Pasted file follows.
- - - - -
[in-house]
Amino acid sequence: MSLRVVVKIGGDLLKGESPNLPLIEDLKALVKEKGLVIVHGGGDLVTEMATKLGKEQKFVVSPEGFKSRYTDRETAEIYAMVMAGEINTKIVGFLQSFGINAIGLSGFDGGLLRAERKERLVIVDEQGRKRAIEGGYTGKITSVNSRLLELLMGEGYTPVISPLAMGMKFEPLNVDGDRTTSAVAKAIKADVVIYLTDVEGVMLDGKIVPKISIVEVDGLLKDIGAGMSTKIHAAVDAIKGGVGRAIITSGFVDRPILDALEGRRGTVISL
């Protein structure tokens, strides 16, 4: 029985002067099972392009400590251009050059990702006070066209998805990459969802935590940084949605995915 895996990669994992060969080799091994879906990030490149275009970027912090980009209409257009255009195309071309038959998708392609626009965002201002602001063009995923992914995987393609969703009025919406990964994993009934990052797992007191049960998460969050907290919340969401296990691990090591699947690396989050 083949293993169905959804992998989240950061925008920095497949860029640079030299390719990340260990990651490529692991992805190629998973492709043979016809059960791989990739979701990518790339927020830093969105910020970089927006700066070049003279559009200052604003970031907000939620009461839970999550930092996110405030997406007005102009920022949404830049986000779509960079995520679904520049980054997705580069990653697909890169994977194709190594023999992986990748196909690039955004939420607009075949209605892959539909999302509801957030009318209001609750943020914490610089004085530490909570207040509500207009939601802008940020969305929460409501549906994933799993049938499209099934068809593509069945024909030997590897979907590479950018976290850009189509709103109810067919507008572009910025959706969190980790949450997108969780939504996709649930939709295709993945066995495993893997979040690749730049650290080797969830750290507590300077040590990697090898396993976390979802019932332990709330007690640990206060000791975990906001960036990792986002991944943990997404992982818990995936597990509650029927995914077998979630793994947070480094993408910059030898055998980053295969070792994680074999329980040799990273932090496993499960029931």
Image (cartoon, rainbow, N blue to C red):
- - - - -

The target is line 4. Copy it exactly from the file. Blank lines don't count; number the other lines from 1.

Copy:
Image (cartoon, rainbow, N blue to C red):